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Jan 01, 2014 11:06 AM EST

Flu Season in Full Swing As States Nationwide Report Uptick in Influenza Patients

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Flu season has hit its stride as several states nationwide are reporting an influx of sick patients.

According to an influenza weekly report from the Centers for Disease Control and Prevention (CDC), the wintertime illness is on the rise. For the flu season so far, the CDC reported an average of 4.3 of every 100,000 people have had lab-confirmed influenza hospitalizations.

However, the flu and pneumonia rate of deaths has not yet threatened to become an epidemic.

Dr. William Schaffner, infectious disease specialist at Vanderbilt University, told ABC News that H1N1, the terror of 2008-09, has been the main cause in the strong flu season.

"It's our old swine flu friend and it's causing over 95 percent of the cases," he said.

"There is a lot of flu going on right now," he said. "Philadelphia has been reporting a substantial amount and it's gaining steam and moving across the country."

NBC Los Angeles reported an uptick in flu patients this year. California Department of Public Health director Dr. Ron Chapman said vaccination is the best way for his state and the rest of the nation to stop the spread.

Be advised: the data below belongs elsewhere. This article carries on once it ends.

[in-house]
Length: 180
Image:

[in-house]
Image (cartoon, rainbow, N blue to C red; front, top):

"A yearly flu vaccine is the most important step in preventing influenza. It's important to remember that unlike other vaccine preventable diseases, it is necessary to get a flu shot every year," he told NBC L.A.

Flu shots are recommended for any person older than six months, but especially for young children, pregnant women and the elderly. Experts agree January is not too late in the flu season to get vaccinated. Influenza may have lingering affects for the rest of winter and even into spring.

"Don't linger," Schaffner told ABC News. "Run. Do not walk to your pharmacy, clinic, doctor, hospital or public health department and get this now - as a New Year's present."

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